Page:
At the heart of the problem is the disparity of wealth between the United States, where migrants often learn their criminal ways, and their poor homelands, where jobs are scarce and police resources are limited. Moreover, islanders who often left their native lands as children return to countries they barely recognize, with no remaining family.

Jean Nemorin, 47, who returned to Haiti in 2008, more than three decades after he arrived in the United States with his family at age 11, said there is a stigma attached to people like him when locals learn of their criminal past, making it tough to find work or a place to live.

“I struggled to feed myself for the first six months,” Nemorin said. He declined to describe his conviction in the United States but said he is crime-free today, operating a moto-taxi in Port-au-Prince that he bought with money from relatives overseas.

The biggest impact has been in heavily populated countries like Jamaica, where deportees are suspected in several violent crimes each week, according to Leslie Green, an assistant police commissioner.

But smaller islands are increasingly leading the calls for help from Washington. A Grenada government spokesman, Richard Simon, said they lack the counseling, monitoring and housing services needed to absorb deportees with serious criminal records.

In Dominica, at least one criminal deportee is suspected in a recent pair of brazen, daylight robberies by masked men, Security Minister Charles Savarin said.

In St. Lucia, an island of 170,000 people that received 18 criminal deportees from the U.S. last year, Security Minister Guy Mayers said some of the convicts were apparently recruited into local drug rings that exploit their contacts from overseas prisons.

“We are not responsible for them becoming monsters,” Mayers said. “We need support to be able to rehabilitate these people.”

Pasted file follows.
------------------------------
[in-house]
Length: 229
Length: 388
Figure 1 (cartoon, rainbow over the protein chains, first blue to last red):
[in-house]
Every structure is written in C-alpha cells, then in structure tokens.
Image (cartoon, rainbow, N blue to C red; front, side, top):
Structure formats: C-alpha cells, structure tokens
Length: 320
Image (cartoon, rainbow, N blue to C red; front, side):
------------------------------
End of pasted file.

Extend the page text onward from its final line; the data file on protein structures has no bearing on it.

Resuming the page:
In 2007, the U.S. launched a pilot program managed by the United Nations’ International Organization for Migration to help reintegrate deportees. The $3 million project provided services including career counseling and housing assistance in Haiti, Guyana and the Bahamas.

U.S. officials say they hope that effort will be the starting point for a regional discussion, but no money has been assigned so far to keep the program going.

Island governments say the deportee issue will remain a sticking point with Washington until they see more action.

“I raise this with U.S. authorities every chance I get,” Mayers said.

http://www.miamiherald.com/2010/09/25/1841717_p2/caribbean-crime-wave-linked-to.html#ixzz10XkKpA1l

McAuley’s World Comment:

Under what theory are American taxpayers obligated to pay for the incarceration of a foreign national who commits a crime in his nation of origin … First, the individual enters the U.S. illegally, then they commit are caught and convicted of criminal activity in the United States. Then they serve the sentence prescribed by American Courts at the expense of American taxpayers before being returned to their Country of origin when they return to criminal activities …. Isn’t this a basic prerequisite of a civilized nation or government? To protect it’s citizens from the criminal element, foreign or domestic, within it’s borders?

A 4th Mexican Mayor Slain By Drug Cartels this Fall as the Cartel violence escalates …

State Attorney General Alejandro Garza y Garza

MONTERREY, Mexico – Gunmen killed a town mayor near the drug-plagued industrial city of Monterrey, authorities said Friday, the fourth mayor in northern Mexico to be murdered in little more than a month.

Prisciliano Rodriguez Salinas was gunned down late Thursday along with one of his personal employees in the town of Doctor Gonzalez, about 30 miles (50 kilometers) east of Monterrey, the Nuevo Leon state Attorney General’s Office said.